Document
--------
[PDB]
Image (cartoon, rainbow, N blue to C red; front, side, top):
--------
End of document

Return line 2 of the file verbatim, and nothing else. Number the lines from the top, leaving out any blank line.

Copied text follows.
Image (cartoon, rainbow, N blue to C red; front, side, top):